Your land may be flagged for compulsory acquisition by a constructing authority well in advance of when a project is likely to commence.
Land is generally not acquired either by negotiation or through the formal resumption process, until construction of a project is imminent.
However, land may be acquired earlier than needed by a constructing authority if an owner of land affected by a project can demonstrate that they will suffer hardship if the acquisition of the land is delayed.
We can assist you with providing advice as to the benefits of lodging an early acquisition application and lodging the application to the relevant constructing authority.
What happens after the early acquisition application is approved?
When approval for early acquisition is approved, the first key step is to engage a valuer who specialises in valuing properties identified for resumption and acquisition. The reasonable valuation costs will be reimbursed to you by the constructing authority, together with your reasonable legal fees.
Once the valuation has been received a claim for compensation will be prepared which will include the total amount of compensation claimed – being the valuation of the land together with all disturbance items.
What disturbance costs can be claimed?
Section 20(1)(b) of the Acquisition of Land Act 1967 (ALA) provides that in the assessment for compensation, in every case the claimant’s costs attributable to disturbance must also be taken into account. Section 20(5) of the ALA provides a comprehensive list of what types of costs may be attributable to disturbance.
Working out the types of costs may be attributable to disturbance can be a complex process and it is highly recommended that you seek early legal advice as to what can be claimed as a disturbance cost.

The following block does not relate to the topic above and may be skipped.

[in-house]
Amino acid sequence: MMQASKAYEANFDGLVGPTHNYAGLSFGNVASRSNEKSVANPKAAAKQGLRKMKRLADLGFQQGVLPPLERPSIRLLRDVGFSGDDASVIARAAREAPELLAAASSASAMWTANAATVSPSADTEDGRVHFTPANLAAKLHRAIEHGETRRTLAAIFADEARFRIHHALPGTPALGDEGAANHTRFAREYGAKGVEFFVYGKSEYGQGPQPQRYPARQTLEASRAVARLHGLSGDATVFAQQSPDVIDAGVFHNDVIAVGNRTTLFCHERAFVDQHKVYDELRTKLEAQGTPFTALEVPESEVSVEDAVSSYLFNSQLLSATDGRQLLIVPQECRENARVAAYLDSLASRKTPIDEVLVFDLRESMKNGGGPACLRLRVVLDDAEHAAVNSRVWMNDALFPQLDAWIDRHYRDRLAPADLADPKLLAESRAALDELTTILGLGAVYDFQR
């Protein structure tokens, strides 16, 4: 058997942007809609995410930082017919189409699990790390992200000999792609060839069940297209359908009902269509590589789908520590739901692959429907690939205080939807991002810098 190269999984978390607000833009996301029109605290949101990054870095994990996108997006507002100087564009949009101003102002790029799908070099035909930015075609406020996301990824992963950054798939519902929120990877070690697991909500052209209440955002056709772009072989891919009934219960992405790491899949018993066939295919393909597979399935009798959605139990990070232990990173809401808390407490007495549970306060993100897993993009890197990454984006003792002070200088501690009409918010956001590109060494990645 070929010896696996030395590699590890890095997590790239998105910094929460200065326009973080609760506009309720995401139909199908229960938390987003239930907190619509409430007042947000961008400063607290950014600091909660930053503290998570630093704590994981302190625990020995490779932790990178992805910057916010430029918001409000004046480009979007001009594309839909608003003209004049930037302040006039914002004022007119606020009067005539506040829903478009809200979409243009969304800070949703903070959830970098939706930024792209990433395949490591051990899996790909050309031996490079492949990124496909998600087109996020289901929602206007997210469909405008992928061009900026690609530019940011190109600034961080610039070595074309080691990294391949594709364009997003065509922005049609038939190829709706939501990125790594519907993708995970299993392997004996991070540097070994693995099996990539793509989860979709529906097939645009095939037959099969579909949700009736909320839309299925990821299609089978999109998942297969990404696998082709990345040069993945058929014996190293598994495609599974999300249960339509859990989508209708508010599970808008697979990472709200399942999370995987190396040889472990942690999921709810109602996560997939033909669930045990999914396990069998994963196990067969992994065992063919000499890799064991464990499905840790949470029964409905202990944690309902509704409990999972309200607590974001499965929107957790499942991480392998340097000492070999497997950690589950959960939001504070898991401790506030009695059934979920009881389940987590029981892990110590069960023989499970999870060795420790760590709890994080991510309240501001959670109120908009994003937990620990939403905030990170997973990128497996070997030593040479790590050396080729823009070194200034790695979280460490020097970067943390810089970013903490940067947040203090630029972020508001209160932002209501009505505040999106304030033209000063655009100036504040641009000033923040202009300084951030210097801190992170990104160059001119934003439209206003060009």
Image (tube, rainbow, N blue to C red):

Examples of the costs you might be able to claim as disturbance costs include, but are not strictly limited to:
- Legal fees and valuation costs incurred in relation to the preparation of your claim for compensation.
- Costs associated with the purchase of new land to replace the land being acquired. This may include costs such as stamp duty, costs associated with the discharge and registration of a mortgage and conveyancing costs.
- Removal and storage costs you might incur in relocating from the taken land.
- Costs incurred in connecting to services or utilities in relocating from the land taken.
- Loss of profits relating to disruption to home businesses that are a direct and natural consequence of the taking of the land.
- Other costs that are direct and natural consequences of the taking of the land such as the cost of school uniforms for children enrolled in a new school because of relocation or costs associated with the termination of a building contract.
In any event, for a cost to be able to be claimed as a disturbance cost, it must be a direct and natural consequence of the taking of the land and fall into one of the categories mentioned in section 20 of the ALA.
Contact us if you need assistance
Having a requirement over your land can have a significant impact in terms of future dealings related to your property. We are here to assist you with making the process as smooth as possible and ensuring you receive the highest amount of compensation you are entitled to.
If your property has been identified as being required for resumption for a project, please contact either, Sarah Day, at [email protected] or phone 3439 8880 to discuss your options.
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